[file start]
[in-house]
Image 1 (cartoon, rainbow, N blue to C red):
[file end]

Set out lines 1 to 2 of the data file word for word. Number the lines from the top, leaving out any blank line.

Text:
[in-house]
Image 1 (cartoon, rainbow, N blue to C red):